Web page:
Yesterday, 28 January 2021, was Data Protection Day (or Privacy Day outside of Europe). Oh yes, it is very much a thing! It celebrates the signing, back in 1981, of “Convention 108”, the first (and only) international treaty on privacy and data protection. The day is used by governments, data protection agencies, and other bodies to raise awareness about the importance of personal data and its protection. We thought The Wired Wig could jump on board too by revisiting two podcast episodes on the topic and providing you with some extra information and resources.

Since the coming into force of the GDPR (General Data Protection Regulation) in 2018, some recent high-profile data protection cases like Schrems II involving Facebook, or the latest TikTok espionage debacle, people are starting to take their data protection more seriously and appreciating the value of it. What’s more, the Covid-19 pandemic has shown that people will only agree to use digital solutions like tracing apps if they are confident their data won’t be misused in the future. 

So, what exactly is the GDPR and how does it protect your data? 

We could dedicate an entire blog to this but, briefly speaking, the GDPR (General Data Protection Regulation) regulates modern data collection practices and gives EU users more rights and control over how their data is processed. There are seven key principles with which businesses must comply: 

1.     Lawfulness, fairness and transparency – data processing must be lawful, and users must know about it. In other words, the user must consent, which can be withdrawn at any point (link to “Right to be forgotten”)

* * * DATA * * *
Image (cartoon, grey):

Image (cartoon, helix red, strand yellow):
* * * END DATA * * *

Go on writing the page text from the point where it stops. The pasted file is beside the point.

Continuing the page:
2.     Purpose limitation – data must be processed for a clear, pre-defined purpose

3.     Data minimization – only the necessary data needed to fulfill the purpose must be collected

4.     Accuracy – collected data must be correct and up to date

5.    Storage limitation – data may not be kept for longer than is necessary

6.     Integrity and confidentiality – data must be protected by appropriate cybersecurity measures

7.     Accountability – Organizations are accountable for their compliance with the GDPR

And, what about data travelling abroad from the EU?

The “Schrems II” (Data Protection Commissioner v Facebook Ireland Limited, Maximillian Schrems) of July 2020 confirmed how transfers of international data must be protected. Generally, these transfers are illegal unless a mechanism that allows them is in place. The recent CJEU decision held that one such mechanism, known as a Privacy Shield, which essentially is a special deal for data transfer with the USA, is no longer valid. Although the framework featured an Ombudsman and possibilities for redress, there were instances of bulk collection of data. As Tobias Brautigam, Senior Counsel and Head of Privacy at Bird & Bird in Helsinki, puts it in the episode: 

“You need a haystack to find the needle… and from a human rights perspective, this is terrible”. 

Other mechanisms that allow international data travel are standard contractual clauses or adequacy rulings from the Commission. Annabel and Tobias discuss what these are in more detail and analyze the case further in the episode!

How does it work for data travelling to the UK since January 2021?